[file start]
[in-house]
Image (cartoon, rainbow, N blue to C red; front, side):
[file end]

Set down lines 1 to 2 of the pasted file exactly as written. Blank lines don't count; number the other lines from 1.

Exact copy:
[in-house]
Image (cartoon, rainbow, N blue to C red; front, side):